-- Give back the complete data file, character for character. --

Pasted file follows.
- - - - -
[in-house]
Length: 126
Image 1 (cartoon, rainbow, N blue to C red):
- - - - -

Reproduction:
[in-house]
Length: 126
Image 1 (cartoon, rainbow, N blue to C red):